“But Israel is an expert at successfully implementing technologies that we aren’t able to implement. So we have come here to understand which technologies they use and how they manage these things.”

The visit was jointly arranged by the governments of India and Israel and managed by the Weitz Center for Development Studies and Israel NewTech, the national sustainable water and energy program of Israel’s Ministry of Industry, Trade and Labor.

Israel has been a global leader in the fields of drip irrigation and desalination, two ventures for which it has contributed groundbreaking technology. These technologies helped the country of eight million pull itself out of a severe water crisis in the early 2000s.

While Israel’s primary investments in India remain in the realm of diamonds and information technology, more and more shekels are being invested in Indian water systems.

The two countries began working with each other on water technology in the late 1990s. In 2006, Israeli and Indian ministers of agriculture signed a long-term cooperation and training deal, which has since been supervised by field experts from Mashav, an international development program of Israel’s Foreign Ministry.

Next came a $50 million shared agriculture fund between both nations, focusing on dairy, farming technology and micro-irrigation. And Netafim, the Israeli company that pioneered drip irrigation, has created new technologies in Jharkhand specifically calibrated for the small family farms scattered across India.

In 2011, India and Israel signed an agreement to foster cooperation on urban water systems, which came after more than a decade of joint research, development and shared investment in the countries’ respective water technologies.

Israeli officials and green technology specialists saw last week’s visit as a preview to the influx of Indian officials they expect in October for the country’s annual conferenceon water technology and environmental control.

Oded Distel, director of NewTech, said the most significant lesson Israel can teach India is the Middle Eastern country’s unique approach. “It’s a system that balances the demand and available resources among the various sectors: municipal, industrial and agricultural,” he said.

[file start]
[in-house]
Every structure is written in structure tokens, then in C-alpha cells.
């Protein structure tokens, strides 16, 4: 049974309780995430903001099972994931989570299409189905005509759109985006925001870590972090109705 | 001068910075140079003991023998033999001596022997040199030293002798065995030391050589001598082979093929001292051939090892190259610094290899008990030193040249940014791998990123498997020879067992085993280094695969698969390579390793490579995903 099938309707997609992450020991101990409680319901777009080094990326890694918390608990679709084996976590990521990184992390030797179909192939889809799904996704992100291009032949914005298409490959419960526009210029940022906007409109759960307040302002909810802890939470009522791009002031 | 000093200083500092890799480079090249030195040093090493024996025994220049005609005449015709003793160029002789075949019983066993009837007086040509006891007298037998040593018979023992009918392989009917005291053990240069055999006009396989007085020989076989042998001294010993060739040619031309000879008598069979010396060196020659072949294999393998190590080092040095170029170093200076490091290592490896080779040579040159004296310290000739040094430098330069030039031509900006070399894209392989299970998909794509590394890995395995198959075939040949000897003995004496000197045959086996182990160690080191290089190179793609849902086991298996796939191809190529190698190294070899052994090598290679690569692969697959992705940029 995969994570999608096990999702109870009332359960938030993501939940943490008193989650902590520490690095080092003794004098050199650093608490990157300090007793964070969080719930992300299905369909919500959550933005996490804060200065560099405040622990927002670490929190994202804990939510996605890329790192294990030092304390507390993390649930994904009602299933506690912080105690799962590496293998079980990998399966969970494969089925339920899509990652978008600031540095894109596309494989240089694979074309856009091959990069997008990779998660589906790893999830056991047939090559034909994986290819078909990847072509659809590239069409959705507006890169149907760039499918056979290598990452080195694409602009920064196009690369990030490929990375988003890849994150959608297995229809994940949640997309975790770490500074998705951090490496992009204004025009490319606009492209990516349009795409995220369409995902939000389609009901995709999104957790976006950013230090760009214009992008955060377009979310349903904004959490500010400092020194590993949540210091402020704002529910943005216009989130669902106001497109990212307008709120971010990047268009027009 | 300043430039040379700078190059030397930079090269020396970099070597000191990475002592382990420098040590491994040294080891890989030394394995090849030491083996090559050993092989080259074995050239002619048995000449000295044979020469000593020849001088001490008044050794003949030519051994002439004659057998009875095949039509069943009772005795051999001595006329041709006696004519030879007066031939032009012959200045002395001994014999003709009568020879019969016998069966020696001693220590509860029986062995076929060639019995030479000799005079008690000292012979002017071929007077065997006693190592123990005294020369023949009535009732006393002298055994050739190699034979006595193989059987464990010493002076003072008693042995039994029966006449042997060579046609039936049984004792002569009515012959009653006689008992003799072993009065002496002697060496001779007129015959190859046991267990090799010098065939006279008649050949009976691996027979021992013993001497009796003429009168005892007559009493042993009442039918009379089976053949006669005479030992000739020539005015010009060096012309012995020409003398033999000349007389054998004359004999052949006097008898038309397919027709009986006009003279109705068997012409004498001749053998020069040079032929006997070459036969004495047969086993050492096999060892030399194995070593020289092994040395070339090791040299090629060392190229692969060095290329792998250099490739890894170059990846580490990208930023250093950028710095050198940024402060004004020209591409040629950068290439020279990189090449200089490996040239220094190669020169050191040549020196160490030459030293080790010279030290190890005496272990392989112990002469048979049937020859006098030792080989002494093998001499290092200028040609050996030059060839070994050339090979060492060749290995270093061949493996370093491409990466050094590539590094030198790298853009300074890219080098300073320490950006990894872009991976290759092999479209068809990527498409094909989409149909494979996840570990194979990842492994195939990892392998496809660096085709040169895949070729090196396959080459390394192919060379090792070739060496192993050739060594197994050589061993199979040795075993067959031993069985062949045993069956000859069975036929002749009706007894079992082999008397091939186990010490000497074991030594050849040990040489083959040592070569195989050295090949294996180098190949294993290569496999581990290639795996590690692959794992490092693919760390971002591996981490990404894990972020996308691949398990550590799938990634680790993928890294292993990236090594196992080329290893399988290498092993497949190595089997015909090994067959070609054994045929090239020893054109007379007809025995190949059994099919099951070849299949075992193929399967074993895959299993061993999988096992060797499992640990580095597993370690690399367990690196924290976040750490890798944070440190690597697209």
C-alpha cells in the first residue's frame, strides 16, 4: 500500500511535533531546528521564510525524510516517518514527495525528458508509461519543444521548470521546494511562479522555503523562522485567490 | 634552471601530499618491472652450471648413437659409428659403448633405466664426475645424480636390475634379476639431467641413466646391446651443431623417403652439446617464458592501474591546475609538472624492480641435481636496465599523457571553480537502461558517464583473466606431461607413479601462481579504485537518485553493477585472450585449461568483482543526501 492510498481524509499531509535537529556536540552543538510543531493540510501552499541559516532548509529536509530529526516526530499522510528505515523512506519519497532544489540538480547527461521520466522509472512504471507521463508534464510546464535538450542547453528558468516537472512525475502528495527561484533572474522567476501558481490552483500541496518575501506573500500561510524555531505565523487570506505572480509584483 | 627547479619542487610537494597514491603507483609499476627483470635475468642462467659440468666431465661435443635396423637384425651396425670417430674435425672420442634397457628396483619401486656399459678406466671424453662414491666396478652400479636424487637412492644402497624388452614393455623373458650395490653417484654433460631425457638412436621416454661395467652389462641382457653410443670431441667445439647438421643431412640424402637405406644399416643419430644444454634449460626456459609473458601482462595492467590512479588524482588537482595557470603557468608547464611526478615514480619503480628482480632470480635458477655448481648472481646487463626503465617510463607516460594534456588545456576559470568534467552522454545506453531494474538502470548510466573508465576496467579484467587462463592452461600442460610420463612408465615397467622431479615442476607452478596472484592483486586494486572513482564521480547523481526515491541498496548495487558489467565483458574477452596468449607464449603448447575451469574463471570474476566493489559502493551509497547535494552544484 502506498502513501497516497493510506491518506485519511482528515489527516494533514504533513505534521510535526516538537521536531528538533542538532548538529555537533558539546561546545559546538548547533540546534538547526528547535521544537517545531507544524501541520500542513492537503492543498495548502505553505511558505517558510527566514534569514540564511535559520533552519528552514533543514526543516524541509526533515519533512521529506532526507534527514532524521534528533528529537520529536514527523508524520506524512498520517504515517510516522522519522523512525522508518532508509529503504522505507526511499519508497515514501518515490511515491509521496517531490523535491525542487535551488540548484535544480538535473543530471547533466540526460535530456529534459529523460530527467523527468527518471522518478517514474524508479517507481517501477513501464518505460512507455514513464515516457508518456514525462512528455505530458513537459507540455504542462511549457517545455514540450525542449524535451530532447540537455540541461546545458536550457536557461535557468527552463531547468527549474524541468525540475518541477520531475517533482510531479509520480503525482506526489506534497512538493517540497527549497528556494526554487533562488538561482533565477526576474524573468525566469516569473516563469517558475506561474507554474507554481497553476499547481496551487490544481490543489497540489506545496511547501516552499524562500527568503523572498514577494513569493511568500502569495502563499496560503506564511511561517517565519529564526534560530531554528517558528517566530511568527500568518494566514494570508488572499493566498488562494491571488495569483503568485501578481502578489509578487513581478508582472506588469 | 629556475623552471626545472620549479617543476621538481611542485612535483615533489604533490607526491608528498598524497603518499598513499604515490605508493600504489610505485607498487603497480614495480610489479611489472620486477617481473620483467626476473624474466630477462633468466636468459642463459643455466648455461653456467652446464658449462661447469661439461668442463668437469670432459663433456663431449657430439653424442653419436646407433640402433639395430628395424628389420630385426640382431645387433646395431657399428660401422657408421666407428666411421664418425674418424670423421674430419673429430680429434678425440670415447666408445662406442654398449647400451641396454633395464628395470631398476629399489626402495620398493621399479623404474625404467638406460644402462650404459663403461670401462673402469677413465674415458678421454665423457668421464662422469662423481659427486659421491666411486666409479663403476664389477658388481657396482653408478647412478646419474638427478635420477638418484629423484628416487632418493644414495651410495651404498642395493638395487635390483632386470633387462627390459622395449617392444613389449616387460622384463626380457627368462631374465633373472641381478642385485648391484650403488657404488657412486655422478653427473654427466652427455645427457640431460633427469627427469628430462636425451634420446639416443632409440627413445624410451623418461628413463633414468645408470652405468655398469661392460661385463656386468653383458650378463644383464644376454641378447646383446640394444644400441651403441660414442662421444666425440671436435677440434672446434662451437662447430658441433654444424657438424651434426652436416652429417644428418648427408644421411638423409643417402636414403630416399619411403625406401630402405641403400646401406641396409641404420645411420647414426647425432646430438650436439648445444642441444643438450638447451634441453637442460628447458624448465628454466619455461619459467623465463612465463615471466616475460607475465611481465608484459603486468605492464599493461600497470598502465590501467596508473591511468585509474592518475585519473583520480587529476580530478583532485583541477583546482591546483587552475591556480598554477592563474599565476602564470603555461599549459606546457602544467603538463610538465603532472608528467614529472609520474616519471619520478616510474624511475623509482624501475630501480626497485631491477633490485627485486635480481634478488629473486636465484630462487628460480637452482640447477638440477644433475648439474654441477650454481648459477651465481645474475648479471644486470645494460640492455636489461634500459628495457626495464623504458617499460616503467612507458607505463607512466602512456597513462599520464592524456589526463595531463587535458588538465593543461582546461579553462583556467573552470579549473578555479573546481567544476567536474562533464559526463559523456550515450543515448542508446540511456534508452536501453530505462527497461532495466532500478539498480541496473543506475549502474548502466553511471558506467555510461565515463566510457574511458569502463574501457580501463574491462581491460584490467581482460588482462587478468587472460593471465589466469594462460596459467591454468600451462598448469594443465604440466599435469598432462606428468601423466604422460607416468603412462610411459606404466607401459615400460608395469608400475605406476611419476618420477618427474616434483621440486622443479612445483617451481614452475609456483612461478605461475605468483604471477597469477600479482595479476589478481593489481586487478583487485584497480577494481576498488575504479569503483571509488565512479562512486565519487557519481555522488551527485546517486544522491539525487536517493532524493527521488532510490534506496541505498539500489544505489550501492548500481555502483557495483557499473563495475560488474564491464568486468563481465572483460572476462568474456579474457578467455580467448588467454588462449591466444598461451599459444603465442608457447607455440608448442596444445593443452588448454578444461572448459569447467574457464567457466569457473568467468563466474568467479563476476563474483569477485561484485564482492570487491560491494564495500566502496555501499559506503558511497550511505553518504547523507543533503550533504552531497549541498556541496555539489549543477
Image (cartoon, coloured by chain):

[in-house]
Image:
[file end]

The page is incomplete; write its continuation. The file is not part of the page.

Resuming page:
Several delegates said they were shocked to learn how expensive water is in Israel and how all citizens, regardless of income or geographic region, must pay uniform tariffs and fees for the clean drinking water that flows into their taps.

It would be nearly impossible to adopt a similar model in India, Mr. Jain said. In India, much of the water generated by cities is illegally siphoned off by residents or lost to leaks, and in rural areas, most farmers get their water at no cost.

“In India, they consider water a gift from God. And everything God has given, no one can charge for it,” he said. “It is not easy to frame new policies, because we have to go to our assembly and Parliament first.”

But he said he was optimistic that some of the Israeli techniques for salvaging wastewater could be transferred to his home region. “In India, there are a lot of unauthorized connections to the water system, so maybe we can learn how to control the wastewater out of these connections,” he said.

On June 5, the group traveled to Kibbutz Naan, a cooperative community that is the largest in Israel, to see the manufacturing operations for NaanDanJain Irrigation, the world’s foremost irrigation solutions company. It is also a joint venture of Kibbutz Naan, another Israeli kibbutz called Kibbutz Dan and Jain Irrigations Systems of India.

Over a vegetarian lunch in the kibbutz cafeteria, where the tables were festooned with the flags of India and Israel, Sarban Singh, an Indian delegate from Haryana, said that last year he visited Singapore to learn about water technology and that he and his colleagues were also closely following innovations in Japan and Germany.

The water sector in Israel, he said, was nevertheless the most important to him and other Indian officials.

“This is what we feel,” he said. “The way they are able to take care of these two areas, drinking water and treatment of wastewater — they are soldiers and pioneers.”

For Mr. Singh, the most eye-opening technology that he saw during his time in Israel involved optimizing systems so that water can be provided at all times, which requires clean and secure reservoirs; tracking the liquid’s distribution into homes; and adding state-of-the-art water sensors on piping systems to pinpoint exactly where the precious resource is being lost.

Mr. Singh was quick to add, however, that between inspiration and implementation, many hurdles would present themselves in India.

“They are doing this on a very small scale, while we are doing it on a very large scale,” he said. “So even if we have the technology, we may not be as successful as they are. We welcome the technology, but before we can implement it, we have to see how much the manufacturing will cost and how much it benefits us at home.”